on Jane Friedman site:
This is the one. This is the book that will help me help me solve my problem, get what I want, feel less alone, gain the advantage I need. This is the book that will help me finally do the thing.
When readers dive into a prescriptive nonfiction book, they have high hopes—and a healthy dose of skepticism. Will this book deliver on its promise? Will this work for me? Does this author know what they’re talking about?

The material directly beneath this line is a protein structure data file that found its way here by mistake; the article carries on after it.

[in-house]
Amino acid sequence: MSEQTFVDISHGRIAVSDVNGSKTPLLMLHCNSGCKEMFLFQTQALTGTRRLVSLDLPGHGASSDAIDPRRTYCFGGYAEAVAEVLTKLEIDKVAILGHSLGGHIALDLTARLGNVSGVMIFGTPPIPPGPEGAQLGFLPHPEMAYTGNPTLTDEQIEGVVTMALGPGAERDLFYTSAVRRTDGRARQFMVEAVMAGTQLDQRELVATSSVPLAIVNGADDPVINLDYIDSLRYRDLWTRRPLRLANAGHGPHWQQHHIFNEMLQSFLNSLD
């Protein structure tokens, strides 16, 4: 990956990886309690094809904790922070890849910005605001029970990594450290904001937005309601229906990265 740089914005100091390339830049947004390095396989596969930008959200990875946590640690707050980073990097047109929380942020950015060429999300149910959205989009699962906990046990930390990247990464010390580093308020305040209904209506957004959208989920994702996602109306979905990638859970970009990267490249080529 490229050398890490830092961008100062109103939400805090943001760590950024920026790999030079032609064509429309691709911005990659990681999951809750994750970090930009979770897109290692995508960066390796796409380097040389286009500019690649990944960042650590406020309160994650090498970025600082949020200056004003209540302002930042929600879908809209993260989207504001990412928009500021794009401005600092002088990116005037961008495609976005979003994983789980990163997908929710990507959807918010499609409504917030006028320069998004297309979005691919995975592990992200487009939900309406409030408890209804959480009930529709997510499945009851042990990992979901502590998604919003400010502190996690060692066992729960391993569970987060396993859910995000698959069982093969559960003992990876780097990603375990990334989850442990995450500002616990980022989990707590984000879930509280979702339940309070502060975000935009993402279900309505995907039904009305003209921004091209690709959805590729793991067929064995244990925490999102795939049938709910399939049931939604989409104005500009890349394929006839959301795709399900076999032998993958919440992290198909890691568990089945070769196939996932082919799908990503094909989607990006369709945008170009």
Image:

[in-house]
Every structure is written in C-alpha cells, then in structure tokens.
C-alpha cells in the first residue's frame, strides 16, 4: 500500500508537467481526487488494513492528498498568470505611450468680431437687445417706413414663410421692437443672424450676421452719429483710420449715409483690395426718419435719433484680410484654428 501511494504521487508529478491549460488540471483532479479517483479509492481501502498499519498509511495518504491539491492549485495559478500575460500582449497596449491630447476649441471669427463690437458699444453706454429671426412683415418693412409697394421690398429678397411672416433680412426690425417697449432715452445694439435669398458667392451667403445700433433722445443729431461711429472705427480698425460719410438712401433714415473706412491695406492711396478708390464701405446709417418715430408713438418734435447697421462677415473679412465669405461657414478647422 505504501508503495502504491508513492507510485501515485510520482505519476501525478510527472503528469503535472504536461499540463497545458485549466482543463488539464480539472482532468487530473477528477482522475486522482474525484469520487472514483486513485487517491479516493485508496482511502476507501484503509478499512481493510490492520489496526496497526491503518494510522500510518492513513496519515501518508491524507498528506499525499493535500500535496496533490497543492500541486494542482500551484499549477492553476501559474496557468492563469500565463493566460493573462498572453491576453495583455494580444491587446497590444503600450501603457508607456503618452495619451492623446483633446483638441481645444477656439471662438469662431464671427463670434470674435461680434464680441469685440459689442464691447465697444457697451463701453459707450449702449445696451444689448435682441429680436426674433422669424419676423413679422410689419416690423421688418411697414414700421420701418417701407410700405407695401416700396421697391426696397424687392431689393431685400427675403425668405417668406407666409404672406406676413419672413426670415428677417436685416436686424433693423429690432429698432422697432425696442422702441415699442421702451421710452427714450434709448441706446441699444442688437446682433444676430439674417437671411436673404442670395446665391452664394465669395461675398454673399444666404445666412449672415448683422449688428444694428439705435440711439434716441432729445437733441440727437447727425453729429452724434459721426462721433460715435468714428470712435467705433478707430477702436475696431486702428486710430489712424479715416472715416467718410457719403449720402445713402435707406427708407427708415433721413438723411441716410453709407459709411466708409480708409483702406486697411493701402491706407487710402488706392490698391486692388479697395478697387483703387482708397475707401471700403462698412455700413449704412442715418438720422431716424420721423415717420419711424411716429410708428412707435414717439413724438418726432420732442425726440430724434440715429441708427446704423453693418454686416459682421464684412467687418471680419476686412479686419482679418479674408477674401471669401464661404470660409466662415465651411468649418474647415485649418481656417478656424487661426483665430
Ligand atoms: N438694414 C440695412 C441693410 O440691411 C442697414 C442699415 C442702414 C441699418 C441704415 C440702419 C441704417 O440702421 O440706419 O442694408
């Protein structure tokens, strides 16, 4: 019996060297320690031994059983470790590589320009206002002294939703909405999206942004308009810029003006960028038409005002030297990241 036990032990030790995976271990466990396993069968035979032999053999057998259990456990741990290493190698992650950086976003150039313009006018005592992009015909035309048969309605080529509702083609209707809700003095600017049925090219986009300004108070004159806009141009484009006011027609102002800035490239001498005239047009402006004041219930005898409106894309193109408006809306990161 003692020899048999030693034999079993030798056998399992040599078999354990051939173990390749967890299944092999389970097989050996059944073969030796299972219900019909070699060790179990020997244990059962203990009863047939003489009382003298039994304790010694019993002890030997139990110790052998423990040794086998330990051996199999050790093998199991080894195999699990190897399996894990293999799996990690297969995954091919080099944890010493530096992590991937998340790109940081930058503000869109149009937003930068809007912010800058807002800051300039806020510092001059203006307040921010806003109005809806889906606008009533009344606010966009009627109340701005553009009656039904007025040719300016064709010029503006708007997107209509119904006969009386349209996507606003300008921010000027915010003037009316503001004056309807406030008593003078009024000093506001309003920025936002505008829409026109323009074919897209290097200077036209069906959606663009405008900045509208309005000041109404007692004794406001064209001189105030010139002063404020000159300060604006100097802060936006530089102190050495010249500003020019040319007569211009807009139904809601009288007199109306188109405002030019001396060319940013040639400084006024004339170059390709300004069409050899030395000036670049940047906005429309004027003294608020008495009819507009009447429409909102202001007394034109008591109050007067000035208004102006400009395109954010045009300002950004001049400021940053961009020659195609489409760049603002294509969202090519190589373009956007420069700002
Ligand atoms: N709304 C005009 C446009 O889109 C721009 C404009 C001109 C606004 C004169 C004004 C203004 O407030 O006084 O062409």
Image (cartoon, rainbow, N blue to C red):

As readers learn new concepts, gain knowledge, and consider acting on the author’s advice, doubts can grow into objections.
I don’t think this author gets it—or me. These ideas are outdated. This approach is not doable.
And when unaddressed doubts and objections stack up, they can become spoken criticisms of the book and the author.
“This book is a total disappointment. The author is out of touch. I’m better off using Google to get the answers I need.”
Ouch. So what happened to the readers’ hopes?